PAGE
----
NASCAR & Auto Racing

Vettel makes history with Italian GP win | Slideshow, stats

MONZA, Italy - Sebastian Vettel became the youngest driver to win a Formula One race Sunday, finishing first in a wet Italian Grand Prix he started from the pole.

The 21-year-old German driver had second-place Heikki Kovalainen of McLaren covered by 12.5 seconds on the slick Monza circuit to give Torro Rosso its first win.

"For sure the best day of my life," Vettel said. "These pictures, these emotions - I will never forget."

BMW-Sauber's Robert Kubica was third ahead of Fernando Alonso of Renault, while Nick Heidfeld of BMW-Sauber was fifth.

Felipe Massa finished sixth and is one point back in the overall standings behind Lewis Hamilton of McLaren, who worked his way up from 15th on the grid to finish seventh. Their are four races left in the season.

Lewis Hamilton worked his way up from 15th on the grid to finish seventh, maintaining his lead in the overall drivers' standings. Felipe Massa of Ferrari was sixth and now trails the McLaren driver by one point with four races left.

Neither Vettel nor his Toro Rosso team could contain their emotions as the young driver emerged onto the podium with fists pumping, before the champagne sprayed in all directions.

"Who would have thought about that at the beginning of the season?" Vettel said of Toro Rosso's chances. "We can be proud of ourselves, celebrating a victory. What a weekend."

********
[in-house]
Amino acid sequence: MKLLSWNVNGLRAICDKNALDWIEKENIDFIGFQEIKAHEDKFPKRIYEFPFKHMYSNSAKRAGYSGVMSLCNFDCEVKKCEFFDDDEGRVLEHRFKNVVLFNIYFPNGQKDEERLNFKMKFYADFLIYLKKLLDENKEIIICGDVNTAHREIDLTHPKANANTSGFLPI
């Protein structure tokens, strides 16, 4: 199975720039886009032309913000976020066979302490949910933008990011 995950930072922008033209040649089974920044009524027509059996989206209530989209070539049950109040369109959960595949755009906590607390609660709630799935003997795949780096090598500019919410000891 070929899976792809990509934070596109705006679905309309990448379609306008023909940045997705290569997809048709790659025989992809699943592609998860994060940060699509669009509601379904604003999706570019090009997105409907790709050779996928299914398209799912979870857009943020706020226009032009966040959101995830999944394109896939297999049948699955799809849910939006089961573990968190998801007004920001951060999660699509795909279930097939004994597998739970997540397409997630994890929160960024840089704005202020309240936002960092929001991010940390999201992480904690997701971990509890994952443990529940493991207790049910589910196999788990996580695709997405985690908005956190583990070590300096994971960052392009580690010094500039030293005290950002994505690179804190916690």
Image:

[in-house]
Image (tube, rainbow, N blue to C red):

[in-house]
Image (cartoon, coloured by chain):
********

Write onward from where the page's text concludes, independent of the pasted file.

Vettel never lost his nerve during the wettest race at Monza in 27 years as he broke Alonso's mark of F1's youngest winner. Alonso, a two-time world champion, was 22 when he won the 2003 Hungarian GP.

The safety car was brought out for the start with the steady drizzle failing to let up and all cars using extreme wet tires to navigate the damp track.

Vettel, who also was the youngest driver to start from the pole, held his position over Kovalainen on the flying start thanks to a clear track and none of the poor visibility that the rest of the field had to deal with from the tire spray.

"Being first (and) having no visibility problems at all I think was the key," said Vettel, who will replace David Coulthard at sister team Red Bull next season. "I could make a gap to Heikki straight away."

Kovalainen said a brake problem and his tires compromised his chance at challenging Vettel early on.

"It was not possible to win today," the Finnish driver said. "I was just trying to push and go faster. I think it was the maximum we could do today."

Vettel's teammate Sebastien Bourdais fell a lap behind at the start after his car stalled from fourth on the grid.

Hamilton eventually got past defending F1 champion Kimi Raikkonen of Ferrari and continued to overtake his rivals, moving up to eighth by the 17th lap.

Massa, who had started sixth, won a gripping overtaking duel with Nico Rosberg to move up into fourth before dropping back again.

Hamilton pitted later than many of his rivals and was trailing only Vettel by the time he stopped to refuel, while Raikkonen - who trails Hamilton by 21 points - was stuck behind the traffic in 10th by his first stop as the drizzle began to let up.

"It got more tricky in the middle of the race when there was no standing water anymore," Vettel said. "People went left and right looking for water to cool down the tires. It was very slippery."

Hamilton pushed Mark Webber out down the straight in the closing stages with the cars touching wheels to force the Red Bull driver off the track. Webber finished eighth for the final point.

Only Force India's Giancarlo Fisichella retired despite the slippery conditions.

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